29 November 2008

revelation about Revelation

I was just listening to Matthew Gallatin and he was talking about sola scriptura. He mentioned the use of Rev. 22:18-19 as support for sola scriptura and then read the passage. As he was reading, before he said anything more, the light bulb went off in my head and I practically gasped from surprise at the obvious:

Revelation 22:18-19
"For I testify unto every man that heareth the words of the prophesy of this book, If any man shall add unto these things, God shall add unto him the plagues that are written in this book. And if any man shall take away from the words of the book of this prophesy, God shall take away his part out of the book of life, and out of the holy city and from the things which are written in this book."

Advocates of sola scriptura heavily rely on this passage: to them "the book" mentioned is the complete, Old and New Testament Bible--the complete canon. However, the book in question is plainly "this prophesy" of St John and not the entire New Testament canon (which did not exist at the time). In fact, the book of Revelation almost didn't make it into the final New Testament canon.

Nowhere in Scripture does it say that ALL the important doctrines and traditions that Christians are to follow are spelled out in the letters written by the apostles to the churches (esp in those specific ones that made it into the complete canon). And nowhere does it say that any practice not specifically spelled out in the Scriptures is to be rejected (unless Rev 22;18-19 is misinterpreted).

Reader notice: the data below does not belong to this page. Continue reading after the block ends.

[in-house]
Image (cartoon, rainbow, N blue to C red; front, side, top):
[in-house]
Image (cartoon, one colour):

One must presuppose sola scriptura to be true in order to interpret the passage to be referring to the complete canon of the Bible as we know it today.

01 November 2008

the 17th Kathisma

I have been reading the 17th Kathisma of the Psalter for my departed Grandmother and am interested to learn the specific reasons why this particular Kathisma was chosen.

Personally, as I read it I think, "This is not describing me at all!" and that's partly why I wondered why it would be read for me at my departure from this life. Here is a quote that directly addresses my question:

"At this service the 17th Kathisma (17th Kathisma — a Kathisma is one of the 20 divisions of the Psalter. The 17th Kathisma is comprised solely of Psalm 118 (Psalm 119 in the King James Version), the longest psalm in the Psalter) is read, which reveals to us the condition of our heart, and like a magnet draws out of it everything passionate and sinful which prevents us from approaching the Lord." (The One Thing Needful)

As I, a sinner, read it, it really does seem to turn into a prayer of compunction followed with the hope that someday, somehow I will be able to pray Prophet David's words from a pure heart.

Please share if you have learned anything about it or find anything!